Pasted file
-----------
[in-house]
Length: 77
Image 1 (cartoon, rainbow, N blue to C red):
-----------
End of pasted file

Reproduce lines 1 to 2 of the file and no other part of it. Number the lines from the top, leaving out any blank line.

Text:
[in-house]
Length: 77